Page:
One of my favorite father-son memories of all-time happened on Aug. 31, 1990. Ken Griffey Jr. and Sr. were in the same lineup for Seattle against Kansas City, and they became the first father and son combo to both play, hit and score in the same game. The next month, they would go on to hit back-to-back home runs. Junior would say later: “I got to play with my Dad. That’s the biggest thing to ever happen to me, other than the birth of my children.” Watch this from the MLB.com archives:
Joltin’ Joe breaks through a ceremonial “56” banner after hitting in that many consecutive games. As we saw with Andre Ethier last year, when today’s players reach 30 the watch becomes intense and the questions constant. The 1941 hitting streak remains one of the most unbreakable records in Major League Baseball. That image above is in this Summer of Legends video from MLB Productions, aired last season on MLB Network:
There’s something incredibly nostalgic about a vintage baseball glove. A glove from the 1930s and 1940s looks fairly similar to what we use today, except for the fact fielders’ gloves were yet to feature lacing between the fingers. One thing that’s remained the same is the rich leather used to make the gloves.
That leather inspired Coach when they started out back in 1941, initially specializing in small leather goods like wallets and billfolds. As a nod to that past, Coach has released the Heritage Baseball Billfold Wallet as part of their Baseball Collection.
The limited edition wallets are handcrafted with leather from vintage baseball gloves. Each wallet is numbered and totally unique, typically requiring the leather from 1 1/2 gloves and two to three days to create. Initially, the gloves for the wallets were found on eBay, before Coach found a dealer in the Midwest.
Establish your link with the game’s past by taking a look at the full collection Baseball Collection, available now online at coach.com and select Coach Men’s stores.
Ted Williams provided one of the most memorable moments in All-Star Game history with his walk-off home run in the 1941 Midsummer Classic in Detroit:
It was a time of real grass, real heroes and real magic.
Drumbeats of war were growing louder in the distance, several months ahead of Japan’s attack on Pearl Harbor. But in the Summer of 1941, there was baseball and there was everything else. Boys played it all over and everyone watched, literally in their own world. Jimmy Dorsey, Glenn Miller and Billie Holliday were on the radio, but so were Joe DiMaggio, Ted Williams and Bob Feller.
Entering 2012, Major League Baseball’s last seven seasons were the most-attended seasons in the game’s history. We are coming off an epic year that featured a mind-blowing regular season finish and then a postseason capped off by a World Series for the ages, featuring maybe the best Fall Classic performance (Albert Pujols’ three-homer game) and maybe the best Fall Classic Game (6).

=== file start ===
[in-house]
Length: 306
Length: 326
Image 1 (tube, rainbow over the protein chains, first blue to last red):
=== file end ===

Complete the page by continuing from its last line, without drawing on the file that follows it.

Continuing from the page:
You can’t really compare a season like that to the one that happened 70 summers before it, but you can hope to carry on the legacy, to remember that past and why people loved it and why they love the National Pastime today. We always wonder if someone could hit in 56 consecutive games again, like Joltin’ Joe did in ’41. We always wonder if someone finally will bat .400 again, like Teddy Ballgame did then.
We wonder if our modern memories will be as strong to fans later this century as those memories of the Summer of ’41 were to those who were handed them proudly from generation to generation. They were days of innocence, days no one could ever replicate again. The world changed on one day of infamy. For years to come, America was at war, its citizens rallying around a common cause of war.
Baseball became a matter of relief, played to remind us of what once was and could be again. Then came peace, baseball carried on, leading the way through societal change from the breaking of the color barrier to labor and free agency to mass broadcasting and one day four MLB.com apps ranking among the top four sports apps in something called iTunes. Baseball has carried on the spirit of 1941.
You see it in the fundamental elements of the game, pitcher throwing to batter, and batter whiffing or driving one over the wall. You see it in a company like Coach, because it was founded in that same year of 1941 as a men’s accessories brand that had baseball at its core. Yes, the brand known to so many for its popular handbags originally produced items such as wallets, attaché cases and bedroom slippers that were inspired by the feel of a much-loved, broken-in baseball glove.
Those same durable tanned leather as sporting goods houses made mitts for those baseball heroes. Today, Coach offers The Baseball Collection, and if you take a good look at that Heritage Baseball Billfold Wallet, you can feel the connection to the Summer of ’41. It takes about 1 1/2 gloves to make one of those wallets, and most of the vintage gloves came from the ’30s and ’40s. It is not just a feeling, but a tangible link to that halcyon past, a fun reminder of how baseball connects us now.
There was never a summer in baseball like 1941, and we go out to the ballpark today wondering if this might be the year that creates the same kind of magic that lasts a lifetime. We can only remember and hope.